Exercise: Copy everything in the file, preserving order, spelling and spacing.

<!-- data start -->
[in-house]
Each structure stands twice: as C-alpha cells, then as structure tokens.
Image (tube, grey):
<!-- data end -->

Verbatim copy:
[in-house]
Each structure stands twice: as C-alpha cells, then as structure tokens.
Image (tube, grey):